The Royal Oak
The Royal Oak

On the corner of Columbia Road and Ezra Street stands the Grade II listed pub, the Royal Oak. It was built in 1923 by Truman’s Brewery, long established in this area. Why is the date so prominently displayed? Perhaps because Truman’s were particularly proud of this pub and its position within the philosophy of the time. In order to combat what was perceived to be a problem of widespread drunkenness, the authorities decided, not to ban pubs, but to make them better. The plan was that instead of mean drinking dens, pubs should be spacious venues, perhaps with restaurants attached, which would attract respectable people and their families and thus acting as a disincentive to bad behaviour. The Royal Oak was Truman’s response to the proposal for better pubs.

Church of St Peter with St Thomas
Church of St Peter with St Thomas

The foundation stone for the Church of St Peter (as it was originally called) was laid in 1840. This church was part of a remarkable wave of church building in the area leading to the creation of no fewer than 12 churches, which became known as ‘the Twelve Apostles’. It seems that the area might have been somewhat ungodly at the time and the story is told (A History of the County of Middlesex) that the laying of the stone was witnessed by a jeering crowd who loosed an ox to add to the jollity of the occasion. By the 1950s, what with war damage and the fall-off in attendance, 12 churches were deemed to be an over-provision. Some needed to be closed and so St Thomas lost his own church and must perforce bunk up with St Peter, hence the renaming of the parish church as ‘St Peter with St Thomas’.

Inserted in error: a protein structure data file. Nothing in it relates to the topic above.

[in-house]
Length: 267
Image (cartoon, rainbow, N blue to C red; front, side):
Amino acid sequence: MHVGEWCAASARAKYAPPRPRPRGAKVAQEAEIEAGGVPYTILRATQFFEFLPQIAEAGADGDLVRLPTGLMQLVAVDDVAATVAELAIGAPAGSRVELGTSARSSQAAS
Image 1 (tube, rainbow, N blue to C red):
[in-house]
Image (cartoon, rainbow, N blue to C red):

St Peter's Mission Hall
St Peter’s Mission Hall

Nearby stands this attractive building known as St Peter’s Mission Hall. Unfortunately, I know nothing about it except that it currently forms part of the borough’s catalogue of premises for hire  for events and conferences. I assume it was built at about the same time as its companion church and for some special purpose of its own.

The Queen Elizabeth Hospital for Children
The Queen Elizabeth Hospital for Children

This building appealed to me for its general handsomeness and the decorative motifs shown in the above picture. The large signage left in place along the front shows that it was once the Queen Elizabeth Hospital for Children. Sisters Ellen and Mary Phillips founded their Dispensary for Women and Children in 1867. The institution grew and became the North-Eastern Hospital for Children. It moved to this site in 1870 and was renamed The Queen Elizabeth Hospital for Children in 1907. After a number of changes, the hospital was absorbed into the NHS and its services were moved to the Royal London Hospital in 1996. After a period of uncertainty, the building found new purpose as a residential block. For a more detailed history see here.

We didn’t manage to see much new street art – a lot of what there was was either mediocre or had been defaced by taggers – but we had found other points of interest and enjoyed a good cup of tea at Yumchaa.  Pretty much a win, I would say.

Copyright 2017 SilverTiger, https://tigergrowl.wordpress.com, All rights reserved.

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About SilverTiger

I live in Islington with my partner, "Tigger". I blog about our life and our travels, using my own photos for illustration.